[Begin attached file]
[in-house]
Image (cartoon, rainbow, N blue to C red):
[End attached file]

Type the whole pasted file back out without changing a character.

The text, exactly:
[in-house]
Image (cartoon, rainbow, N blue to C red):